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Theatre review: Cock 
14th-Dec-2009 11:16 pm
tragicomedavatar
This has certainly been a good year for plays with dirty-sounding titles; but as with Pornography, the title of Mike Bartlett's play Cock isn't to be taken too literally. The play is, to a great extent, about sex, but Ben Whishaw has said he feels the title refers to his character's personality (I can't disagree) while designer Miriam Buether has interpreted it by designing the set to look like a cockpit (in the cockfighting sense, not the aeroplane sense) with the audience surrounding a pit where the actors fight verbally rather than physically. One line describes an encounter as the ultimate bitch-fight, which is a pretty fair description of the show as a whole, almost every moment features two or more of the actors verbally crossing swords.

John (Whishaw) had broken up with his boyfriend M (Andrew Scott) when he met W (Katherine Parkinson, from The I.T. Crowd) and had sex with her. But then he tries to get back together with M, and finds that he can't decide which of the two he wants to be with. Once we've seen John's relationships with both M and W, we end up with a disastrous dinner party where all three try to resolve the issue. John's secret motive for this is to pit the two against each other, hoping it'll help him choose between them. An added complication is that John has lied that W is a big, manly woman, so M has also invited his father F (Paul Jesson) along in case things get ugly.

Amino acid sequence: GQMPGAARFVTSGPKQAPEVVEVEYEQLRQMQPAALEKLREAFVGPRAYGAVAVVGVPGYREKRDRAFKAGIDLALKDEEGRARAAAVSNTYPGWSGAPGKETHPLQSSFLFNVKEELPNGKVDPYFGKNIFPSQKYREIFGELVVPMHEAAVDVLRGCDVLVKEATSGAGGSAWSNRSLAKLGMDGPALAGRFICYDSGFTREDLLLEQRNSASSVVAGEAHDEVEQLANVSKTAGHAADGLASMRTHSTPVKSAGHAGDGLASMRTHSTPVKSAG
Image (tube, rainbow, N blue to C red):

While Cock does have things to say about sexuality not always being black and white (John maintains throughout that he still regards himself as gay, and W is the only woman he's ever fancied) its main strength is in the snapppiness of the dialogue - the characters may be being horrible to each other most of the time, but it's very funny to watch. All four actors make the most of the dialogue but Andrew Scott really stands out and gets the biggest laughs with some really snappy delivery. As with the last play I saw him in, Roaring Trade, Scott seems to be a good example of talent being sexy because when he walks on stage he's really not that attractive but by the end he seems to have got me going all proper like. The biggest problem with the play overall is just why so many people are transfixed by the immature, manipulative John (even F is determined that his son get to stay with someone who's clearly going to do nothing but keep breaking his heart.) I guess the fact that he's played by Ben Whishaw will explain it for a lot of people (the entire membership of ohnotheydidnt seem to be transfixed by his beauty) but personally he doesn't quite do it for me (even with about a week's worth of stubble he's incredibly feminine.) That, and the fact that the conclusion is overly drawn out in places, are the only real drawbacks though, I'd be strongly recommending the show if the entire run hadn't long since sold out.

Cock by Mike Bartlett is booking until the 19th of December at the Royal Court Jerwood Theatre Upstairs.
Comments 
15th-Dec-2009 01:46 am (UTC)
Totally agree, and Andrew Scott was the star for me. The scene where he is supposedly standing naked and hard in front of Ben was so erotic because of the force of his acting, and his wonderfully expressive face.
15th-Dec-2009 11:49 am (UTC)
I should have also mentioned director James Macdonald 'cause all those scenes where the characters were naked without the actors actually getting naked were ridiculously well done.
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